Adams – head of Survival of American Indians Association from the Frank’s Landing Indian Community in Washington – was chosen by the TBT as its lead negotiator with the White House.
During the first level of negotiations with Interior officials, Adams received a call from Rep. Julia Butler Hansen, D-WA. “Just the fact that she was calling strengthened our hand and made them pay close attention,” said Adams. “They were impressed because she chaired the House subcommittee on Interior appropriations.”
Adams remembers Hansen’s exact words to him: “It’s about time someone went in there and tore that damn place apart.”
Tensions mounted inside the building with each new deadline and threat of eviction. At one point, Harjo and I were talking with Onondaga Chief Bill Lazore and Faithkeeper Oren Lyons in the “Iroquois Embassy,” when we heard a voice amplified by a bullhorn say, “We’re going to blow the building.”
We scrambled downstairs, taking great care not to disturb the bottles of various sizes and shapes that lined the stairwell wall. They were filled with flammable liquid and stuffed with cloth and cardboard wicks. The smell of gasoline on the second floor was nearly overpowering.
AIM leader Russell Means, Oglala Lakota, was on the first floor, near the bottom steps, giving a high-volume speech with exaggerated gestures that could be seen from a distance – part Hollywood Indian sign-language and part Arthur Murray dance instructor moves (one of Means’ jobs prior to joining AIM).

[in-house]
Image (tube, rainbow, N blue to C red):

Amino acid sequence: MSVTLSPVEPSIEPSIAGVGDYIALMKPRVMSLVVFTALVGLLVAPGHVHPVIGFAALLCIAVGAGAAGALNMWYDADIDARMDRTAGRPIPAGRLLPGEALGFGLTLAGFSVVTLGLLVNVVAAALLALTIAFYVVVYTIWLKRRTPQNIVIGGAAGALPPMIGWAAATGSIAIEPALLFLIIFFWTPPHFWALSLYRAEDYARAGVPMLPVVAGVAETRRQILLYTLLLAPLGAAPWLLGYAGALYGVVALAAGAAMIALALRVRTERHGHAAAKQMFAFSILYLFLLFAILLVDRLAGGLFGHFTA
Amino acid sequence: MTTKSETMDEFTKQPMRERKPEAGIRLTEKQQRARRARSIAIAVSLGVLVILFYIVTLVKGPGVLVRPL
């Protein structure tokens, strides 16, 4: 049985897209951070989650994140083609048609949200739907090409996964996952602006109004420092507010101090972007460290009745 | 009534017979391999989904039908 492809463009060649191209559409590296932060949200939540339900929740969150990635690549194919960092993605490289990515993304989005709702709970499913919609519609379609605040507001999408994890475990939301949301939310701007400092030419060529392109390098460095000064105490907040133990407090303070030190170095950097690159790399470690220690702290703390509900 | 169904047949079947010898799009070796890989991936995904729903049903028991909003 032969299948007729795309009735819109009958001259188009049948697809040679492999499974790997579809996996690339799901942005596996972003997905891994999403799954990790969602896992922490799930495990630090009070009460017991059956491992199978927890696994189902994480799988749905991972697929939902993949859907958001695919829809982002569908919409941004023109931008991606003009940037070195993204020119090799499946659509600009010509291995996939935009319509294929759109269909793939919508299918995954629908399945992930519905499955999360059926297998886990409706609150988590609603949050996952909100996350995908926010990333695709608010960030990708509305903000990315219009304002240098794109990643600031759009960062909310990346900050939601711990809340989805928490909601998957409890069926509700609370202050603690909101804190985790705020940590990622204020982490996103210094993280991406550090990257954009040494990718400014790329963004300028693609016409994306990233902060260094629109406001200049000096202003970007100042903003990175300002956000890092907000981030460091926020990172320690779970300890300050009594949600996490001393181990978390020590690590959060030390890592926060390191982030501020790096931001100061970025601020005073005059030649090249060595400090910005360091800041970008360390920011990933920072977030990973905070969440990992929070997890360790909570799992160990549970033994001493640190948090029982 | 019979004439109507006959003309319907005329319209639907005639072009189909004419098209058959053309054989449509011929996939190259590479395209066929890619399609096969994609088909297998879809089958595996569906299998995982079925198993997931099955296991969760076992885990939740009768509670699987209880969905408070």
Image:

With a theatrical flourish, Means lit a long fuse to the Molotov cocktails and yelled, “It’s a good day to die.” A chorus of voices exclaimed, “Bulls**t.” Harjo, Lazore and Lyons stamped on the glowing fuse until it was not only extinguished, but also shredded.
“You can’t do that,” Lyons said sternly to Means. “You can’t kill the people and destroy all those records. This is only a battle, not the war.”
Many Indian people could have lost their lives in the BIA building that day. I might not have borne Duke Ray Harjo II, Hodulgee Muscogee & Cheyenne, who will be 30 on this Christmas Day. He has Harjo, Lazore and Lyons to thank for saving his life that day, and Adams for saving us all that week.
We could have been deprived of the leadership and productive final years of Phillip Deere, Muscogee, Martha Grass, Ponca, Reuben A. Snake Jr., Winnebago & Sioux, and Josette Wahwasuck, Prairie Band Potawatomi.
We might have lost Alison Bridges and Suzette Mills, Nisqually & Puyallup sisters, who started WaHelut Indian School and many of the programs at Frank’s Landing; or Ramona Bennett, Puyallup, who led the grassroots campaign for the Indian Child Welfare Act and runs the Puyallup foster care program today.
Anita Collins, Paiute, would not have had a chance to chair the Walker River Paiute Tribe. Myrna Doney, Assiniboine-Sioux, would not have become a leading advocate for children and victims or founder of the Walks Far Society.
Sid Mills, Yakama & Cherokee, John Trudell, Santee Sioux, and other veterans who survived Vietnam could have been killed in Washington, D.C. We might not have known the creative side of Trudell, who had not made the transition from AIM leader to poet.
We might have missed the dignified struggle for Indian justice embodied by Frances Wise, Waco & Caddo, administrator for the Wichita and Affiliated Tribes. “We came from Indian communities,” she said. “When the flamboyant stuff was over, most of us went back home to help make our communities strong.”
Years later, I interviewed John Ehrlichman, after he had served time in prison for Watergate crimes. He had been Pres. Richard M. Nixon’s top domestic affairs aide and I asked about his Indian policy discussions with his old boss. He said there weren’t any. He could recall Nixon actually saying only one thing, during the occupation of the BIA building: “Get those goddamn Indians out of town.”